The Hangover '76

On the morning after the 1976 Montréal Olympics closing ceremonies, very early, my older sister, older brother, parents, and I piled into our rented car to drive to Trois-Rivières.  We were leaving my brother there to take part in a 5-week French-immersion program.  Our younger sister Mary had been whisked away by some of the ubiquitous visitors that always seemed to show up when Montreal had a party, and was enjoying cottaging with cousins in Tidnish, Nova Scotia.

As we drove down the southern shore of the St. Lawrence River, and looked over at the unfinished Olympic stadium (looking incongruously like an alien space ship that had landed in a residential neighbourhood) we had the feeling that the city of Montreal was breathing a sigh of relief.  More likely, it was hung over.  The Olympics had been a splendid party.  Montreal had even been privileged to experience the frantic anxiety of an approaching event that one is not quite ready for; and the lost tempers that can result.  But, like Christmas and birthdays and any festivity you can think of, the day arrived, ready or not, and we had fun.

My 1967 memories of Expo are all expressed using passive verbs, because that’s what it was like for me: a five-year-old who was taken around to see the sights.  In the summer of 1976, I wasn’t taken anywhere, I took myself.  Along with various family members, I travelled by public transport all over Montreal during the Olympics, enjoying the crowded metros full of fit and foreign-looking people, and occasionally attending an athletic event.  We didn’t go to any of the sensational events; the tickets to those had been snapped up very early on.  But that didn’t matter.  The fun part was being out in the crowds, and then watching the Olympic dramas on TV.  Those that are foremost in my memory are Nadia Comaneci (especially notable was the fact that she was my age), East German female swimmers with their muscular arms and gold medals, and Canadian Greg Joy’s silver in the high jump.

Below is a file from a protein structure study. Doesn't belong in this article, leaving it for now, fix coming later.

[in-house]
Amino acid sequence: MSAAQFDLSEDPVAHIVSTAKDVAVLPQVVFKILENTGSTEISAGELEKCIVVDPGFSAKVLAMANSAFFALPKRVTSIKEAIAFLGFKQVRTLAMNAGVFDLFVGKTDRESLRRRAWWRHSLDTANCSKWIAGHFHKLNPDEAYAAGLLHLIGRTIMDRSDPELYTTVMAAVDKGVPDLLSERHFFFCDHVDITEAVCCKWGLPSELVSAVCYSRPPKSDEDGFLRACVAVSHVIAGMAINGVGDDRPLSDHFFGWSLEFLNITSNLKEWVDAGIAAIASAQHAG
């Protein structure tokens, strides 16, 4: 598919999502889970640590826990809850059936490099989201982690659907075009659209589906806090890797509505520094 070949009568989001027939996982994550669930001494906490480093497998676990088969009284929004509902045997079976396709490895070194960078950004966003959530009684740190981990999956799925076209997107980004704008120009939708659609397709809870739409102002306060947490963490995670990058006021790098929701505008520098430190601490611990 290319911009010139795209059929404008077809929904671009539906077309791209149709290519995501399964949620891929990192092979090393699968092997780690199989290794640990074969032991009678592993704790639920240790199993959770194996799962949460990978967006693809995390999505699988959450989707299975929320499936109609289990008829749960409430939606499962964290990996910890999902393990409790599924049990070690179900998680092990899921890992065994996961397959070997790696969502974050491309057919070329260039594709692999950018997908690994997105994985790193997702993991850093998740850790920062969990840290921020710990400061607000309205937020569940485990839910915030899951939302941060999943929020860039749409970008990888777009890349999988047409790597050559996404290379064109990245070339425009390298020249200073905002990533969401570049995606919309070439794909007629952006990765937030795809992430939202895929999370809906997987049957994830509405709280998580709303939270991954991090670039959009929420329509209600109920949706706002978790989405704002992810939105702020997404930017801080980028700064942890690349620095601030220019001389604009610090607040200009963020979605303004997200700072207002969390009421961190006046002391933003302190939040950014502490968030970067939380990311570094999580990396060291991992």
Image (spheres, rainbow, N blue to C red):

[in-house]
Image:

The closing ceremonies (watched, by us, on TV) were great entertainment.  During the festivities, the huge screen inside the stadium played a live broadcast from Moscow: a cheerful welcome to the world to join them there in four years.  Welcome or not, much of the world didn’t end up attending the 1980 Olympics in the Soviet Union; because by then, welcome or not, the Soviets were in Afghanistan.

As with Expo 67, the urge to escape the excitement was strong; therefore, the vehicle that headed down the St. Lawrence River the morning after the party was a two-week rental, full of camping equipment.  Characteristically of my family, we had no plans beyond dropping off Murray in Trois-Rivières…but the four of us that were then left in the car settled on a beautiful journey down the north shore of the St. Lawrence, across the wide river by ferryboat, around the Gaspé peninsula and finally, to our surprise and everyone else’s, to cottage country in Tidnish; with the slam of a cottage screen door preceding Mary’s enthusiastic greeting.  It was a nice wrap-up to the busy weeks in an Olympic city: a peaceful sojourn with family by the shores of the Northumberland Strait.

But for Montreal, the after-effects of the party lasted another thirty years.  The specter of Olympic debt rattled around the background of my teen years like the tinny music coming from the AM radio in my sister’s room down the hall. 


  1. Jean, as I was reading your post, I had a picture in my mind of all that you saw and experienced during this awesome!! Definitely the marks of a great writer!! Keep it up girl!!


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